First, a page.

285. Memorandum From the Assistant to the President’s Special Assistant for Health Issues (Fill) to the Secretary of the Cabinet (Watson)1


  • Agency Comments on the Cabinet-Level Task Force on International Health Proposal

After reading the comments from AID, HEW, and OMB, I believe we are still on strong ground, and I disagree with Rick on not going to the President with this.2 OMB endorses a coordinating committee made up of all affected agencies, joining HEW in that regard.3 HEW also asks [Page 945] to be co-chairman of the Cabinet-level Task Force with State, if one is formed, thus reaffirming my own judgment concerning the lack of a lead agency in this field.4 AID is the more negative, but equally equivocal as the other agencies, and concedes the need for someone at the Executive Office level to pull together a “composite report” which is precisely what we suggest.5 We have no State comments. They may not have been consulted since Eizenstat’s request went to “State/AID” according to OMB, and there is no State response included in the Hutcheson package.

My assessment has not changed one iota on this classic case of Executive Branch turf protection. HEW sees itself grabbing the international health issue and has Kennedy’s backing to grow. AID sees its prerogatives jeopardized, recognizes the low (8–10 percent of total budget) priority given to health, but wants to make its own decisions. OMB sees its reorganization assignment being crowded by a mechanism which bridges both policy and functional reorganization, domestic and international programs, and the potential emergence of another mechanism within the Cabinet to do what it perceives itself as capable of accomplishing. The Domestic Council position is much less clear; however, it seems to me that there are two factors possibly disturbing them:

1. The Cabinet structure bridges domestic and international;

2. It offers the possibility that a planning and analysis mechanism may be created which is not subject to day-to-day legislative and managerial responsibilities.

This characteristic of institutional separateness from day-to-day responsibilities would be distinct from all the major Presidential advisory structures: CEA, OMB, NSC, and the Domestic Council. OMB, for example, had to establish new layers, essentially creating a new entity outside the day-to-day operations of OMB in order to fulfill their reorganization mandate. They also felt it necessary to hire new outside staff. Interestingly, Peter has not hired one international health person, [Page 946] borrowing five people not counting me, and if we can hold them together for 2 months, we will have a decision document ready. It has cost the government zero extra dollars and created no permanent new entity in EOP. Examples abound where domestic and international interests converge and compete, e.g., energy (at least 10 agencies), world food production and nutrition (26 agencies).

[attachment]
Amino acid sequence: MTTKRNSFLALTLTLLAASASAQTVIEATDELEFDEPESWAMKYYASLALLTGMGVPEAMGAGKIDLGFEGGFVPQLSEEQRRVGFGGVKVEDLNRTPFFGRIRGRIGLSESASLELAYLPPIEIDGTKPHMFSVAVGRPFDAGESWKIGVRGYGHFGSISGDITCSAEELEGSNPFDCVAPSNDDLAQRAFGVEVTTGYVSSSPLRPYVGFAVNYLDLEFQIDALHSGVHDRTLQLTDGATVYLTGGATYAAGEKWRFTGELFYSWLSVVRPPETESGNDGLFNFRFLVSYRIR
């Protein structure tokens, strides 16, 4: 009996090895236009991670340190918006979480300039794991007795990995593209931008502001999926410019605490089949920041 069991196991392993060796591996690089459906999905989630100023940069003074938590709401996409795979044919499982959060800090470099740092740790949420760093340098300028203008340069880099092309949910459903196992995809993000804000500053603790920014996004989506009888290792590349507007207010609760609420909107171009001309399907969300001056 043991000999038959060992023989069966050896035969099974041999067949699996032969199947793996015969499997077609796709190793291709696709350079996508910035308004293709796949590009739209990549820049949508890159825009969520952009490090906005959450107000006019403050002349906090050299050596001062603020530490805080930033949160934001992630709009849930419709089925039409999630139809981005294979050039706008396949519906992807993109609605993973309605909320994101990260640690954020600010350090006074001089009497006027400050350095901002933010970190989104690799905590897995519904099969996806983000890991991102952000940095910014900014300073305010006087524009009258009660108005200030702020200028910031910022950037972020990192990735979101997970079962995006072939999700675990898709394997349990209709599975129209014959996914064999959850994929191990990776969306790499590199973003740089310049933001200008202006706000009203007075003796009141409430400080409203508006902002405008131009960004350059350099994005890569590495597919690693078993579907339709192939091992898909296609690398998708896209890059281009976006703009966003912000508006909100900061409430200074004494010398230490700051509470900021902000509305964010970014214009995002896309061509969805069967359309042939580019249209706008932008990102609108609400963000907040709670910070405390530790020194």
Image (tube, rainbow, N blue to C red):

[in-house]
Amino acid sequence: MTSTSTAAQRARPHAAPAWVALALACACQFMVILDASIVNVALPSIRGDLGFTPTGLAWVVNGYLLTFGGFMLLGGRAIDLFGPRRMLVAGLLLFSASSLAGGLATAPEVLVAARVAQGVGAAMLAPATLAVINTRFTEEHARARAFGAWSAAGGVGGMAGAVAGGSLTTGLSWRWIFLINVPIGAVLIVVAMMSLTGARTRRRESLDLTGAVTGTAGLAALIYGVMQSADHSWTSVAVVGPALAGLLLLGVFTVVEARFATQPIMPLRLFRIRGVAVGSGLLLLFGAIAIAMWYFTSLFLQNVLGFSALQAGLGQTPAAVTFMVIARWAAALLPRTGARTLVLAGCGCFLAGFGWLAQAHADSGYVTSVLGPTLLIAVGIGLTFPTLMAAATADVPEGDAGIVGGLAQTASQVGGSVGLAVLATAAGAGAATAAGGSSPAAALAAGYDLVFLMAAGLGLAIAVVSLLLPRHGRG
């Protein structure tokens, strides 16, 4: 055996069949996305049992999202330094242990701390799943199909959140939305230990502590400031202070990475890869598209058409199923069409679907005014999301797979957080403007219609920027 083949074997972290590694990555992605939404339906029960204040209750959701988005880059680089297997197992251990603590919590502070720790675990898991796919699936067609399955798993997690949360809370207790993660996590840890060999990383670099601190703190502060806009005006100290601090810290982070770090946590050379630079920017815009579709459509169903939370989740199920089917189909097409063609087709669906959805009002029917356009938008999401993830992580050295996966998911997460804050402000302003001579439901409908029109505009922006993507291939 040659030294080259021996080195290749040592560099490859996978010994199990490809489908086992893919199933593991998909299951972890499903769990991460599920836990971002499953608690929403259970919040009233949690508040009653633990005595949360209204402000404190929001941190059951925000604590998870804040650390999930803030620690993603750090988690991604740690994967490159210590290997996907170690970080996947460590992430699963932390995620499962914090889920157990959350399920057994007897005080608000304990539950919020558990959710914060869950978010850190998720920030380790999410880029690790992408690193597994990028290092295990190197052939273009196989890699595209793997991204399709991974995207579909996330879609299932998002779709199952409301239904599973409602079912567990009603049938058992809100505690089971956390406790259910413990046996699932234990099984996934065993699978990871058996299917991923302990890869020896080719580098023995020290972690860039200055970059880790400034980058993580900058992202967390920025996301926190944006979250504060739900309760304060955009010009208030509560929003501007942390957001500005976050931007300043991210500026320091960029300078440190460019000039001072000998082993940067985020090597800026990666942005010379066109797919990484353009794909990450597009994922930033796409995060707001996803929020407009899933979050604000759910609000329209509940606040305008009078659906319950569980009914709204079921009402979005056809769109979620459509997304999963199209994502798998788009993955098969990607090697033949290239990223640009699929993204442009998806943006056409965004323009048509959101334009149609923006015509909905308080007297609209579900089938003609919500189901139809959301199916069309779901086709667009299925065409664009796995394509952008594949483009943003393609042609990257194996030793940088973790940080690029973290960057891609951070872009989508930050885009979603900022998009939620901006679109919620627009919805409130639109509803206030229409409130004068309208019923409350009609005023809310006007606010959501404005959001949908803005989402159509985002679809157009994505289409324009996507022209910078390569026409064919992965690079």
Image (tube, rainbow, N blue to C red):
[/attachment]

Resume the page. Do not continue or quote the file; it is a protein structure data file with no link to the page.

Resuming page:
It is impossible to improve on Congressional committee fragmentation unless we establish a means to mediate competing interests and develop objective options for Presidential decision. A case could be made for a Cabinet mechanism which has a separate institutional base free from day-to-day responsibilities, is a renewable entity (e.g., staff temporarily borrowed from affected agencies and rotating EO assignments) and bridges domestic and international interests.

P.S.: Peter Bourne is in England for 2 weeks, and I am filling in.

  1. Source: Carter Library, Staff Office Files, Special Assistant for Health Issues—Peter Bourne Files, Subject Files, Box 34, International Health, 6/1/77–6/15/77. No classification marking. A copy was sent to Bourne and Parham. As Bourne’s assistant, Fill served as the Study Director of the White House International Health Assessment Staff.
  2. In an undated typed note to Watson, Hutcheson referenced OMB, AID, and HEW opposition to the Task Force, commenting “I suggest that you work with them further in developing this idea—I don’t think it’s ready to go to the President at this stage.” (Ibid.)
  3. Cutter, in a June 10 memorandum to Hutcheson, noted that OMB had reviewed the draft memorandum and, upon Eizenstat’s request, obtained the recommendations of the Departments of State and Health, Education and Welfare, and AID. Cutter underscored that the agencies and OMB believed that it “may be premature” to establish a Task Force, but, if the President approved the recommendation, the resultant Task Force should “serve primarily as a coordinating mechanism to assure a well executed study, with specific topics assigned to the responsible agencies for analysis and draft recommendations which would then be reviewed by the Task Force. If necessary, the Task Force could then make further recommendations to the President to insure an integrated U.S. international health policy.” (Ibid.)
  4. In a June 7 memorandum to Lance, Califano, in addition to proposing the coordinating committee, commented: “If and when a Cabinet-level task force is formed, I believe HEW should have a more central role within the executive overview committee than suggested in Jack’s memo. At a minimum, I would like to co-chair such a committee with Cy Vance.” (Ibid.)
  5. Gilligan, in a June 3 memorandum to Lance, proposed that each agency author drafts on the “parts of this exercise which fall within its own area of competence.” He added that completed drafts would be circulated to the other agencies for comment; Bourne and his staff “would then prepare a composite report to which each agency could react. The final report would then reflect agreement by all agencies, or where necessary, alternative agency views on specific points.” (Ibid.)